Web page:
In yet another vain attempt to discredit Austrian economics, Paul Krugman tries in a recent blog post to attribute to the Austrian school an irreconcilable self-contradiction.
It is a “common creed”, he writes on his blog, “of all the anti-interventionists out there” that Adam Smith’s “invisible hand is out there, and it knows what it’s doing”, and “economists and government officials cannot possibly second-guess the market in any useful way.”
“And yet,” he continues, “you must also believe that the wise market, guided by the invisible hand, can be sent wildly off course if the central bank prints too many pieces of green paper; and not just that, you have to believe that it can be sent wildly off course in a predictable direction.”
“This contradiction has always been a core peculiarity of the Austrians”, he adds.
He thus attempts to attribute to the Austrian school a “contradiction” that is really just the product of his own willful ignorance.
First of all, what is it, exactly, that he is trying to deny with his comments about the “invisible hand” of the market? That prices in a free market aren’t determined by supply and demand? That they don’t tend towards an equilibrium in which a producer of a good is able to satisfy consumer demand for it, without either running out of the good before everyone willing to pay that price for it has done so or having a stock of the good on the shelves unable to be sold?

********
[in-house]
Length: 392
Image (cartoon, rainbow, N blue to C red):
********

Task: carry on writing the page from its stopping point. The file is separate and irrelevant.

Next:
Secondly, notice that Krugman is here expressing his belief that wise government bureaucrats, guided by preferences that are at best arbitrary, absent this pricing system, can know better than the free market how to more efficiently direct scarce resources towards productive ends, that a better use of resources can be achieved through the use of coercion to confiscate wealth from one group of people in order to bestow on another than through individuals acting to make voluntarily exchanges in the marketplace for mutual benefit.
Thirdly, notice that he is denying not just that monetary inflation can cause predictable distortions in the market, but that central banks running the printing presses can cause extreme distortions in the market at all.
There isn’t any such “contradiction” in Austrian economics as Krugman would have his readers believe, although it is, ironically, accurate to say that that an ability to predict certain of the negative consequences of central bank money printing is “peculiar” to this school of thought.